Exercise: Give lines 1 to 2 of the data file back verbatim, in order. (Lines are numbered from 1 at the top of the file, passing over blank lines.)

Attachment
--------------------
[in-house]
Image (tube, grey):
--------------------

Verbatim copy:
[in-house]
Image (tube, grey):